The US Navy made a $42 million drug bust last week, stopping a small vessel even as the crew was attempting to ditch some of the illicit cargo. The seizure occurred on April 21, when the guided-missile destroyer USS Paul Hamilton intercepted a fishing boat transiting the Gulf of Oman.
Once aboard, Navy and Coast Guard service members from the USS Paul Hamilton discovered 802 kilograms of methamphetamines and 1,000 kilograms of hashish. Before being boarded, the five crewmembers on the fishing vessel – who identified themselves as Iranian nationals – attempted to throw at least 50 35-pound bags of amphetamines overboard, some of which were ultimately recovered by the Navy.
“This was outstanding work by the entire Paul Hamilton team,” Capt. Anthony Webber, commander of Task Force 55, responsible for overseeing U.S. maritime surface operations in the Middle East, said in a Navy release. “These interdictions remove illicit narcotics from the high seas and help deter destabilizing activity in regional waters.”
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Since the beginning of 2023, ships operating with Combined Task Force 150, which patrols the Red Sea, the Gulf of Aden, the Indian Ocean, and the Gulf of Oman and is comprised of personnel from 38 nations, have seized approximately $150 million worth of illegal narcotics.
In February 2023, for instance, the USCGC John Scheuerman seized 1,350 kilograms of hashish, 276 kilograms of methamphetamine, and 23 kilograms of amphetamine pills on a fishing vessel in the Arabian Sea, which the Coast Guard estimated had a value of approximately $20 million. In January 2023, another U.S. Coast Guard cutter, the USCGC Emlen Tunnell, captured 4,000 kilograms of hashish and 512 kilograms of methamphetamines from a repurposed fishing vessel in the Gulf of Oman, a seizure with an estimated value of $33 million.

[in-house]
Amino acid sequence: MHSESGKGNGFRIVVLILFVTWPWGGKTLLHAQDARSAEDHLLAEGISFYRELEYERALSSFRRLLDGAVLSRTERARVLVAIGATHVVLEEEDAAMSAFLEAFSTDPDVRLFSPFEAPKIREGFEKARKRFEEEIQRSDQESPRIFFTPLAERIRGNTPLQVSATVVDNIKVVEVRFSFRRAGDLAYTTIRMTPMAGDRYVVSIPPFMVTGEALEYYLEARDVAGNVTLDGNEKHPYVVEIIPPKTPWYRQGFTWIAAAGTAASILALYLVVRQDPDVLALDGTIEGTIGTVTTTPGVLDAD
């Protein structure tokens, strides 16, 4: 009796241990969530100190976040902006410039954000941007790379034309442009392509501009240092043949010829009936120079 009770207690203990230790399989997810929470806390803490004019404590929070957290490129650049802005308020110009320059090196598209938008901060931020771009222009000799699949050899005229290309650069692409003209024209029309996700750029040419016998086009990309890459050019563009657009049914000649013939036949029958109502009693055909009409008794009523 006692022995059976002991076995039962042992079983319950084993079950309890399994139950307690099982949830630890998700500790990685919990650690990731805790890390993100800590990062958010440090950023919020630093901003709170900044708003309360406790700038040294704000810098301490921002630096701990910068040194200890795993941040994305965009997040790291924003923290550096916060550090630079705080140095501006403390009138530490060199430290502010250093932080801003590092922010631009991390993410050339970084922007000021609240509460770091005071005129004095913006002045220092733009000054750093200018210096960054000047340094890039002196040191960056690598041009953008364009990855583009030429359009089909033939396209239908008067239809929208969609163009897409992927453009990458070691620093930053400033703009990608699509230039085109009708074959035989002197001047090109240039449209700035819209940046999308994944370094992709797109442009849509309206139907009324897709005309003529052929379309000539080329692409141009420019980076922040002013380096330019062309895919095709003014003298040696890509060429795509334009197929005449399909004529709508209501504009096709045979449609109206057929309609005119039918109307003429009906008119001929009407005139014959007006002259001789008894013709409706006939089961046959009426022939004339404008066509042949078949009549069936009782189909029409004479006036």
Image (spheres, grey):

In 2021 and 2022, these drug seizures totaled approximately $1 billion in value. The maritime routes patrolled by CTC-150 are quite busy when it comes to smuggling not only drugs but also weapons and explosives material. Much of this illicit cargo is thought to originate in Iran, likely intended to support Houthi rebel groups in Yemen.
In January of this year, the coastal patrol ships USS Chinook and USS Monsoon discovered more than 2,000 Kalashnikov assault rifles aboard a small ship in the Gulf of Oman, and in December 2022, the Navy intercepted another small vessel in those same waters carrying more than 50 tons of ammunition rounds, fuses and propellants for rockets. In 2021, the guided-missile cruiser USS Monterey stopped a small ship so loaded down with weapons that it took the crew 36 hours to unload every last anti-tank missile, machine gun, sniper rifle, and rocket-propelled grenade launchers on board.
“I am incredibly pleased with the performance of our Sailors,” said Cmdr. Jake Ferrari, commanding officer of Paul Hamilton, in a Navy statement. “We remain committed to delivering consistent maritime security and countering illicit activities and contraband smuggling in the region.”
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